M = tf.linalg.triangular_solve(Lz, Kzx, lower=True)  # Lambda^T
    Sigma = Kxx - tf.linalg.matmul(M, M, adjoint_a=True)  # Kxx - Lambda Lambda^T

    if not whiten:
        M = tf.linalg.triangular_solve(Lz, M, lower=True, adjoint=True)

    mu = tf.linalg.matmul(M, b, adjoint_a=True)  # Lambda b
    V = tf.linalg.matmul(M, W, adjoint_a=True)  # Lambda W

    Sigma += tf.linalg.matmul(V, V, adjoint_b=True)  # V V^T

    return mu, Sigma

Cite as:

  title   = "{A} {C}heatsheet for {S}parse {V}ariational {G}aussian {P}rocesses",
  author  = "Tiao, Louis C",
  journal = "tiao.io",
  year    = "2020",
  url     = "https://tiao.io/post/sparse-variational-gaussian-processes/"

To receive updates on more posts like this, follow me on Twitter and GitHub!


  1. Titsias, M. (2009, April). Variational Learning of Inducing Variables in Sparse Gaussian Processes. In Artificial Intelligence and Statistics (pp. 567-574). ↩︎

  2. Murray, I., & Adams, R. P. (2010). Slice Sampling Covariance Hyperparameters of Latent Gaussian Models. In Advances in Neural Information Processing Systems (pp. 1732-1740). ↩︎

  3. Hensman, J., Matthews, A. G., Filippone, M., & Ghahramani, Z. (2015). MCMC for Variationally Sparse Gaussian Processes. In Advances in Neural Information Processing Systems (pp. 1648-1656). ↩︎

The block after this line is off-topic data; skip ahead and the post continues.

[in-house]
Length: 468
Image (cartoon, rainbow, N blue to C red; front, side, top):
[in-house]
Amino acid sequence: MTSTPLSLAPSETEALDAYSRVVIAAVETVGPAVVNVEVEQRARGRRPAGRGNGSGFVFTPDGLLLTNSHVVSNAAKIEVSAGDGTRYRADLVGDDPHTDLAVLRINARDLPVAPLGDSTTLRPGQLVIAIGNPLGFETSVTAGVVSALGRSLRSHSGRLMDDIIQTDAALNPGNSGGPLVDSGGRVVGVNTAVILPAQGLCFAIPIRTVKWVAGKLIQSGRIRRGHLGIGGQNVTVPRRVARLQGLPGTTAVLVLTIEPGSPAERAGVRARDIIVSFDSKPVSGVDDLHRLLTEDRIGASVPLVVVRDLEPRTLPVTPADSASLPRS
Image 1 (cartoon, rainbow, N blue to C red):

4. Hensman, J., Fusi, N., & Lawrence, N. D. (2013, August). Gaussian Processes for Big Data. In Proceedings of the Twenty-Ninth Conference on Uncertainty in Artificial Intelligence (pp. 282-290). ↩︎

  5. Dezfouli, A., & Bonilla, E. V. (2015). Scalable Inference for Gaussian Process Models with Black-box Likelihoods. In Advances in Neural Information Processing Systems (pp. 1414-1422). ↩︎

  6. Salimbeni, H., Cheng, C. A., Boots, B., & Deisenroth, M. (2018). Orthogonally Decoupled Variational Gaussian Processes. In Advances in Neural Information Processing Systems (pp. 8711-8720). ↩︎

  7. Shi, J., Titsias, M., & Mnih, A. (2020, June). Sparse Orthogonal Variational Inference for Gaussian Processes. In International Conference on Artificial Intelligence and Statistics (pp. 1932-1942). PMLR. ↩︎

Louis Tiao
Louis Tiao
PhD Candidate

Probabilistic machine learning and artificial intelligence.

comments powered by Disqus